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Secrets of 9/11

Aired November 17, 2003 - 08:35   ET


SOLEDAD O'BRIEN, CNN ANCHOR: Now to the work of the independent commission studying the events surrounding 9/11. In an unprecedented move, the White House last week said it would give the commission access to some of its most sensitive, secret documents. But some of those who lost loved ones on 9/11 say that is not nearly enough. Among them is Christian Breitweiser. Her husband, Ron Breitweiser, was killed in the attack on the World Trade Center. And Kristen is a member of the Family Steering Committee for the 9/11 Independent Commission. She joins us this morning.
It's nice to see you as always, Kristen. Thanks for coming in.

The commission struck this deal with the White House, including among the things that they got was access to the PDB, which is the president's daily briefing. Experts say that this is huge. This is, some will say, the most intimate kind of communication that the president can have with his briefing staff. It is unheard of. And you say, still not good enough, doesn't go far enough. Why?

KRISTEN BREITWEISER, HUSBAND KILLED ON 9/11: You know, I think undoubtedly the president's daily briefing has not been released. But this is not a congressional body. This is a quasi-legislative executive branch entity. And I think never before in history were over 3,000 Americans murdered on the homeland. I think that this situation calls for the release of this information. This commission needs full, unfettered access. All 10 commissioners need to see the PDB. And the reason for that is because we had a national security adviser come out days after the attacks and say we had no idea they could use planes as missiles. We have a historical record that is replete with incidences of al Qaeda and terrorists possibly using planes as missiles. We need to find out how our national security adviser didn't know that. We need to find out exactly where that intelligence information, the flow of that information, had a breakdown so that it didn't reach the national security adviser.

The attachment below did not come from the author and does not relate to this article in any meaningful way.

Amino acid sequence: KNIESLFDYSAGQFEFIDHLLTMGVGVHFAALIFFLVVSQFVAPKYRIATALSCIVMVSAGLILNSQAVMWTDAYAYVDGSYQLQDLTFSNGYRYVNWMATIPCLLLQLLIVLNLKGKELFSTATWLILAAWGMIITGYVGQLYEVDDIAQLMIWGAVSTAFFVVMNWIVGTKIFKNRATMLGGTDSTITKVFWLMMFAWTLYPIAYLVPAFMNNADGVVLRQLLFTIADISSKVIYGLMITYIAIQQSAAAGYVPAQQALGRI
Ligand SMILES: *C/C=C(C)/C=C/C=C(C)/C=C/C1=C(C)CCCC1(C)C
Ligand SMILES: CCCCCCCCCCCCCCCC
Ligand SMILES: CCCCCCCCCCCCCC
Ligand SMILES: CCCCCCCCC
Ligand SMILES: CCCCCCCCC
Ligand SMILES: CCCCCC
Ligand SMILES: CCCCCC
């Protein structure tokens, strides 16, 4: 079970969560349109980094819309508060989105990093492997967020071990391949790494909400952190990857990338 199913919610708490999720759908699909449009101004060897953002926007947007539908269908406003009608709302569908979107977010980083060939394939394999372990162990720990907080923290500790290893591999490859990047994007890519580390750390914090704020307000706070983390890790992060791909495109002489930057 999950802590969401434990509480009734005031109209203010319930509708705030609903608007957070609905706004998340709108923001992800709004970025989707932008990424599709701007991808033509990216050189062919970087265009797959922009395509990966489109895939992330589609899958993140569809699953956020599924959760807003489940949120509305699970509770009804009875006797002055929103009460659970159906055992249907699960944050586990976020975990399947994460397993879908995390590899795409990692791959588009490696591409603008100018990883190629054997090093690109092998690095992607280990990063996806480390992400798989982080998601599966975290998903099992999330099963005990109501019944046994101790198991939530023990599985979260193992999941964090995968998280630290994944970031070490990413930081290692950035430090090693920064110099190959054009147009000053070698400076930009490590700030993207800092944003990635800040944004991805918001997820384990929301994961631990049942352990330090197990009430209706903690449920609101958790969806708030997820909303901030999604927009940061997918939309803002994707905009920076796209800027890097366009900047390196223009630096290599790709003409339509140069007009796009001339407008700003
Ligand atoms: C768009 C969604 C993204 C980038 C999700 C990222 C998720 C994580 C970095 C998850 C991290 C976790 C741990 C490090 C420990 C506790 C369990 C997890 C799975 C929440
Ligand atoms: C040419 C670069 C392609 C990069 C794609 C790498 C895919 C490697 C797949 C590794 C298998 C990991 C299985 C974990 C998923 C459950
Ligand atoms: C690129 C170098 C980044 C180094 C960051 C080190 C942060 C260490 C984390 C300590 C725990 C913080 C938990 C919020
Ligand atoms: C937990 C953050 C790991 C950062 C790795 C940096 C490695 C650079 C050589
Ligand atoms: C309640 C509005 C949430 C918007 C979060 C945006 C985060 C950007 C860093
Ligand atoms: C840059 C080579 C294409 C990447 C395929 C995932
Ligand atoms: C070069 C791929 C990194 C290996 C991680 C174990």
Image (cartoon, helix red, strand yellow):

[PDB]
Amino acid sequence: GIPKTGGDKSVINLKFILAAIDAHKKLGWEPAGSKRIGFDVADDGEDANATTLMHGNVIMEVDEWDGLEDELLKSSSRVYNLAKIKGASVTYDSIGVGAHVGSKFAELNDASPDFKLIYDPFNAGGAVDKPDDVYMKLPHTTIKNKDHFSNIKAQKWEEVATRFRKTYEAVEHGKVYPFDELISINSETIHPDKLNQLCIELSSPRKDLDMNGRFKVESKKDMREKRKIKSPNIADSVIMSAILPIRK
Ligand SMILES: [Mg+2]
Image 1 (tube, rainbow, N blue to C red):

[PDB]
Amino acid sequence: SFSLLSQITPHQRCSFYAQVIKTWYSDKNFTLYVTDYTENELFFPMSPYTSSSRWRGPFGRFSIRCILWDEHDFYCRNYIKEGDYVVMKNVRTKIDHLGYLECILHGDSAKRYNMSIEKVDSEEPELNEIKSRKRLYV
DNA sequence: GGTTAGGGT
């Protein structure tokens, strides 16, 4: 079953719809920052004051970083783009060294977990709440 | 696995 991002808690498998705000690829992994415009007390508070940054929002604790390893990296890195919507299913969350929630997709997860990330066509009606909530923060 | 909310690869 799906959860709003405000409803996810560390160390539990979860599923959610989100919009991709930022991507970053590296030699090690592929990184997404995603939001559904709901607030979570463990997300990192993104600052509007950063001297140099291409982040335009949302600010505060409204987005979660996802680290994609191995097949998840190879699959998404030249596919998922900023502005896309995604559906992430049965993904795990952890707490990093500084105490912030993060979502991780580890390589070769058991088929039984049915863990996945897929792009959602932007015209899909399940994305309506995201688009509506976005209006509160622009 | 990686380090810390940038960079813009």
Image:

O'BRIEN: Is it the White House not going forward with giving the information, or do you say the commission, the 9/11 commission itself, is not pushing hard enough to get access to this information?

BREITWEISER: Frankly, I think that it's a tenuous situation. But I think none of this had to be a debate. None of this had to be negotiated, if the White House on day one handed over these documents.

This commission's mandate is to take off where the joint inquiry left off. The joint inquiry stated in its recommendations that an issue arose. What had happened was, they were investigating the intelligence failures. They found out in testimony from a witness, something that contradicted what Condoleezza Rice said. They tried to look into that and they were blocked. The joint inquiry thereafter said something needs to be done about this, this issue needs to be reconciled. This commission's mandate is to take off where they left off. It is totally within their mandate to find out why one person said something, and Condoleezza Rice said something else. We need to reconcile that.

O'BRIEN: The White House might say regardless of what the mandate is, we have to be careful of the national security of our nation, and therefore we can't go ahead and give you access to all this, only to protect the country.

BREITWEISER: Undoubtedly. But you know what, it is our position that this is about national security. We need to find out why that information did not get into Condoleezza Rice's hands. The only way you do that is accessing the final document, the PDB, and backtracking, and finding out where along the way it got dropped out. We need to find out why it was, you know, toned down, or dropped down, and didn't make it into her hands. This is about the safety of the nation. That's what national security is. We all want the same goal, we all need to work toward that goal.

O'BRIEN: The commission could have sued, could have subpoenaed the records, but it would have been, most people will say, tied up in court for years. Do you have any feelings that, well at least we got something now?

BREITWEISER: Look, I don't have any feeling, because unfortunately, ironically enough, this is a historical agreement about access, and yet the American public cannot access the agreement. I mean, it's very ironic. So it's our position that they should release this agreement. Let it become part of the public debate, let the public see the deal that has been struck.

And my understanding of it is that it has many restrictions. There are many hurdles that need to be jumped over. This is not access. This is access with a footnote, which, to me, is upsetting. We wanted a definitive report, and now we have a report with a footnote.

O'BRIEN: And you'll never really know because there's no exact sense of what was agreed to in the first place.

Kristen Breitweiser, as always, nice to have you. Thanks for talking with us this morning. Appreciate it.


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